Presence in Social Networks

Presence in Social Networks

Scott Wilson (University of Bolton, UK)
DOI: 10.4018/978-1-60566-208-4.ch032
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Abstract

This chapter describes the mechanisms of presence in social networks and presents an ontology that frames the purpose, content, methods of production and methods of consuming presence information. The concept of presence in social networks has been steadily evolving along with the Internet. Recognised as an essential feature of all instant messaging services from the IRC onwards, mechanisms for constructing and consuming presence information have become more elaborate, with the addition of more sophisticated mechanisms for producing, consuming and representing presence. A model for systems that offer presence services is developed, and this enables a number of future trends to be identified.
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Abstract

This chapter describes the mechanisms of presence in social networks and presents an ontology that frames the purpose, content, methods of production and methods of consuming presence information. The concept of presence in social networks has been steadily evolving along with the Internet. Recognised as an essential feature of all instant messaging services from the IRC onwards, mechanisms for constructing and consuming presence information have become more elaborate, with the addition of more sophisticated mechanisms for producing, consuming and representing presence. A model for systems that offer presence services is developed, and this enables a number of future trends to be identified.

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The Meaning Of Presence

What is the Message?

There is a possible ‘cultural divide’ in the use of technologies such as instant messaging as being fundamentally either messaging applications or presence applications (Boyd, 2005). For advocates of the presence perspective, presence is not a means for identifying opportunities for communication, presence is the communication; the availability and state of the participants in the network is the message.

For example, while the ostensible purpose of the presence mechanism in a service such as Skype is to indicate availability for communication, the way in which the presence indication is made is also content in its own right; it also provides a communication channel at a different level from that of a full two-way conversation. Services such as Skype, AOL Instant Messenger, and MSN have long offered the “custom away message” or “mood message” to augment the meaning of the standard availability metadata. The “mood message” typically appears alongside the availability graphic as a short piece of text (see Figure 1.)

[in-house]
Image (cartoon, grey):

Figure 1.

Example of Mood Message in Skype

These messages provide a surprisingly rich mechanism for communication, and its therefore not surprising that new forms of “micro blogging” have emerged that extend this property, such as Twitter.

Key Terms in this Chapter

Presence: The discourse, practices and technologies supporting the exposure of the states of presentities such that those states can be perceived by other agents in the network

Passive Cues: The use of listeners and sensors in the physical or virtual environment to produce presence information for a presentity.

Mood Message: A common recurring pattern of presence involving a subtitle or similar used to express the emotional context, activity, or identity of a presentity, produced using explicit cues

Buddy List: A common recurring pattern of presence consuming technology found in instant messaging systems for exposing the presence of multiple presentities known to the user.

Presentity: An identity, e.g. of a person or agent, which produces presence information and about which presence information can be consumed. Presentities contextualize presence information by associating it with an identity

Explicit Cues: A mechanism for the production of presence information about a presentity that involves direct personal intervention, typically typing a short message to be displayed as a subtitle or in a feed, or of selecting a status from a vocabulary of possible states

Microblogging: A form of blogging that involves the production by explicit cues of short activity updates, rather like a mood message, that can be consumed by others as a presence “feed”

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